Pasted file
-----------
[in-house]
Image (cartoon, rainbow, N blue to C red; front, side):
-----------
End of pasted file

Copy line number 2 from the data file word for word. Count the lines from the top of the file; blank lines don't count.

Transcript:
Image (cartoon, rainbow, N blue to C red; front, side):